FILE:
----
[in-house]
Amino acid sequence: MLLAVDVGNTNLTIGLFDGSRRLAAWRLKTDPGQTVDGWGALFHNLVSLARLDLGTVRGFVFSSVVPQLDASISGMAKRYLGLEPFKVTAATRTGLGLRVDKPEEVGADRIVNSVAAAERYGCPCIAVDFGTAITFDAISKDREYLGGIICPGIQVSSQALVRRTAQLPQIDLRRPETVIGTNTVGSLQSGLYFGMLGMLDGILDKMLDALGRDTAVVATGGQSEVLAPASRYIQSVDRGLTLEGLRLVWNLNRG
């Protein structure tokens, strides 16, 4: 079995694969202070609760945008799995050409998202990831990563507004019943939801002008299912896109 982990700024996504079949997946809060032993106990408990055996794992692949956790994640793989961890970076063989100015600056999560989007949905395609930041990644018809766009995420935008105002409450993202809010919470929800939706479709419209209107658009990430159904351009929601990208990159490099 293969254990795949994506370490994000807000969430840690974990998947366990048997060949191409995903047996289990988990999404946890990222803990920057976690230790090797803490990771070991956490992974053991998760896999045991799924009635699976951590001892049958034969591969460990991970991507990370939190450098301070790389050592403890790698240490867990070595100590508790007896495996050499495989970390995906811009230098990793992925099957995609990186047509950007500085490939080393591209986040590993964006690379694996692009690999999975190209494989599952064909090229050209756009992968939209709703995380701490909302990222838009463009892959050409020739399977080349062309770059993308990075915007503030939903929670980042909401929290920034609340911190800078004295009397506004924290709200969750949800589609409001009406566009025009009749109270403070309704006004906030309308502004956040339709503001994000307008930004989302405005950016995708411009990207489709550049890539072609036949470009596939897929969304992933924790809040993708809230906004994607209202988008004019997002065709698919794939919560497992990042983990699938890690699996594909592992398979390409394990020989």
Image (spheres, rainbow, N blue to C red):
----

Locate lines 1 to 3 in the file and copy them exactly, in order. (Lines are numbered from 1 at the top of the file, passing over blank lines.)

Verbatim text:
[in-house]
Amino acid sequence: MLLAVDVGNTNLTIGLFDGSRRLAAWRLKTDPGQTVDGWGALFHNLVSLARLDLGTVRGFVFSSVVPQLDASISGMAKRYLGLEPFKVTAATRTGLGLRVDKPEEVGADRIVNSVAAAERYGCPCIAVDFGTAITFDAISKDREYLGGIICPGIQVSSQALVRRTAQLPQIDLRRPETVIGTNTVGSLQSGLYFGMLGMLDGILDKMLDALGRDTAVVATGGQSEVLAPASRYIQSVDRGLTLEGLRLVWNLNRG
């Protein structure tokens, strides 16, 4: 079995694969202070609760945008799995050409998202990831990563507004019943939801002008299912896109 982990700024996504079949997946809060032993106990408990055996794992692949956790994640793989961890970076063989100015600056999560989007949905395609930041990644018809766009995420935008105002409450993202809010919470929800939706479709419209209107658009990430159904351009929601990208990159490099 293969254990795949994506370490994000807000969430840690974990998947366990048997060949191409995903047996289990988990999404946890990222803990920057976690230790090797803490990771070991956490992974053991998760896999045991799924009635699976951590001892049958034969591969460990991970991507990370939190450098301070790389050592403890790698240490867990070595100590508790007896495996050499495989970390995906811009230098990793992925099957995609990186047509950007500085490939080393591209986040590993964006690379694996692009690999999975190209494989599952064909090229050209756009992968939209709703995380701490909302990222838009463009892959050409020739399977080349062309770059993308990075915007503030939903929670980042909401929290920034609340911190800078004295009397506004924290709200969750949800589609409001009406566009025009009749109270403070309704006004906030309308502004956040339709503001994000307008930004989302405005950016995708411009990207489709550049890539072609036949470009596939897929969304992933924790809040993708809230906004994607209202988008004019997002065709698919794939919560497992990042983990699938890690699996594909592992398979390409394990020989």